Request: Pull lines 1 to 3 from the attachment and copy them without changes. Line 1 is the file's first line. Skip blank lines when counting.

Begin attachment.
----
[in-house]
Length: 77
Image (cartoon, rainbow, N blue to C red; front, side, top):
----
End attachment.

[in-house]
Length: 77
Image (cartoon, rainbow, N blue to C red; front, side, top):